A national poll this month showed the public overwhelmingly opposed to how the court functions. Only 44% of citizens approved of how the court operates and 60% believe that "appointing supreme court justices for life is a bad thing because it gives them too much power."

The current controversy could not come at a more symbolic moment. This year is the 75th anniversary of the famous "court packing" effort of Franklin Delano Roosevelt. As today, the country in 1937 was in the midst of a profound economic crisis, and Roosevelt was saddled with four conservative justices – known as "the Four Horsemen" – who opposed his New Deal legislation. Roosevelt decided to introduce a bill to allow him to appoint up to six additional justices on the court. The crisis was averted when Roberts voted to support a critical New Deal case and "Horseman" Justice Willis Van Devanter retired – the famous "switch in time that saved nine" moment for the court. Roosevelt, though, may have had the right idea, for the wrong reason.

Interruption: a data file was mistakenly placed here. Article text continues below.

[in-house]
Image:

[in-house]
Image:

We can certainly debate the optimal number for the court, but we should finally have that debate after over 200 years. I believe a 19-member court would be ideal – roughly the average size of a circuit court. Appellate circuits are often divided between liberal and conservative judges. Yet, it is rare that one or two of those judges are consistently the swing votes on all issues when they sit "en banc" (or as a whole).

While appellate courts generally sit in three-judge panels, they sit as an en banc court in cases of great significance – the highest level of appeal short of the supreme court itself. In such cases, they function well as a whole and show greater diversity of opinion and experience. More importantly, the power of the judges themselves is diluted by the number. Experience has shown that a 19-member court is small enough to be manageable and would not present a significant burden in terms of confirmations.

Just because we settled on nine arbitrarily does not mean that any number is as good as any other. It is not enough to simply retort "why not 29 or 99?" One could just as easily ask "why not three or six?" The point is that we trying to decide on the best size for the court and should be able to look at other models objectively.